- Hollywood doesn't make films from romance novels. And for people whose reading list is sparked by the cultural zeitgeist, that's a huge hit. Now, I have to tell you that I cringe when I think about Harlequin romances adapted for TV movies. Maybe the resulting show is good, maybe not. But for me, there's something structurally wrong with a literal adaptation of a story that is best understood as a fairy tale. There are two things I think are true of every single romance: A happy ending, and a distinct lack of realism. The happy ending is pretty obvious. But the lack of realism is just as key. We (I think I speak for at least one other romance reader, even if I don't know who that person might be) read romances to escape money troubles, broken relationships (hell, broken toilets!), dead-end jobs, etc. Even people with great marriages, homes & lives still read romances because the jolt of emotion feels good. Trust me, I've had two storybook romances (unlikely but true) and I know all too well that when it's time to pay the property tax bill, the fluttering of one's heart and/or loins dims a bit.
So back to the point about film & TV adaptations. Take a contemporary romance, like any of Nora Roberts' books. The plot is filled with things that could happen in real life, only in the book those situations and activities are suffused with a fairy-dust quality. The heroine is trudging through her life, but we read about how she feels about the hero and we're transported. In a movie, we'd just see her trudging. Even a voice-over isn't going to convey the fairy dust. So after 90 minutes of trudging, the happy ending seems fake, or forced, or ludicrous.
Hollywood does make great romances. (I personally saw Pretty Woman dozens of times in the movie theater; it got so bad that my friends and family would duck my calls if they thought they'd have to see it with me one more time.) They have tons of fairy dust, and their happy endings are just as aww-inducing as romances. They just do it differently. (Case in point: Pretty Woman. Imagine that story as a romance novel. Bet you can't get past the first chapter, where the heroine is revealed to be a hooker. Just too raw for a romance...)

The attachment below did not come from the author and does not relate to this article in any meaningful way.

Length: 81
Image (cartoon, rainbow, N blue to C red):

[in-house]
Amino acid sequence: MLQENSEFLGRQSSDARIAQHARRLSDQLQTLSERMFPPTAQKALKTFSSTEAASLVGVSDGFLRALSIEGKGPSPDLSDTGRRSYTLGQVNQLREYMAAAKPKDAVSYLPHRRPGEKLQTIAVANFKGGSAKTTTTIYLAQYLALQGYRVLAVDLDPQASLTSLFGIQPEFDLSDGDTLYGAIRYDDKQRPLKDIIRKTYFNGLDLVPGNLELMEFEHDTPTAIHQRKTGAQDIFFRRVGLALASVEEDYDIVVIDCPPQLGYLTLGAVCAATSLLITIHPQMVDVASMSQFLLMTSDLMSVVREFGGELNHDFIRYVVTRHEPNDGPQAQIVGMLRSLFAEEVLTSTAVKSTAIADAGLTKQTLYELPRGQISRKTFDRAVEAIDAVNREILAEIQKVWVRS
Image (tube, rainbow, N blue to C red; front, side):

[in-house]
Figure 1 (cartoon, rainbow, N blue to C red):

- Historical accident. Ask yourself this: Why didn't Jane Austen start an entire trend of literary romances that are studied and lauded as much as her work is? I think it's because Austen's novels aren't in the direct line of the evolution of the romance novel. Her books are richly detailed characters studies with a happy ending (or several happy endings, depending on how you look at it). You could probably trace Austen to Dickens to Grace Matalious (Peyton Place) or Margaret Mitchell (Gone with the Wind) or even Harper Lee (To Kill a Mockingbird). I would argue that today's romance evolved from the Gothic romances of the late 18th and early 19th Century -- wildly unrealistic while also being fun and emotionally satisfying. (Think how much better a happy ending is after a delicious bit of a character's anxiety or desperation. Not too much unhappiness, and not mundane anxieties like in real life, but that moment where you can shed a tear for the unlucky-in-love heroine before she discovers that he is alive!/does love her!/can marry her!, etc.)
But if I'm right, not much in the past 200 years has given romances legitimacy. When I first went to England in 1971, I was shocked (shocked I tell you!) to see that my very well-educated and slightly snobby English cousins had a complete set of Georgette Heyer's Regency romances on their bookshelves. (The cousins otherwise read mysteries, including relatively obscure American authors like Phoebe Atwood Taylor's Asey Mayo mysteries, set on Cape Cod.) When I worked up enough courage to ask them about Heyer, I got a characteristic haughty look and something opaque about Heyer's books being quite good. Which she is. (Her Regency romances are meticulously researched, by the way, and I'll give a prize to anyone who can cite me a page where a heroine -- other than Faro's Daughter, perhaps -- uses or thinks the word "bloody." A nice prize. Just give me some time to think of one...)